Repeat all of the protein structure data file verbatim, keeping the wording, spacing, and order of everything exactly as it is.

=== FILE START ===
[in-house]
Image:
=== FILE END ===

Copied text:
[in-house]
Image: